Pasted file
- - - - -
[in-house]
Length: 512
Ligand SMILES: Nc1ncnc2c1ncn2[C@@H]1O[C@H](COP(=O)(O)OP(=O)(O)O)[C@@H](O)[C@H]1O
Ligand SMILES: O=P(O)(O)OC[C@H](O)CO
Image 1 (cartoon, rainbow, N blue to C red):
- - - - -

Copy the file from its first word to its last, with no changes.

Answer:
[in-house]
Length: 512
Ligand SMILES: Nc1ncnc2c1ncn2[C@@H]1O[C@H](COP(=O)(O)OP(=O)(O)O)[C@@H](O)[C@H]1O
Ligand SMILES: O=P(O)(O)OC[C@H](O)CO
Image 1 (cartoon, rainbow, N blue to C red):